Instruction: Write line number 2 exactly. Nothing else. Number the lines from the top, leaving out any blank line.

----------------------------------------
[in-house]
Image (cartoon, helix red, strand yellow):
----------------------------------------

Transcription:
Image (cartoon, helix red, strand yellow):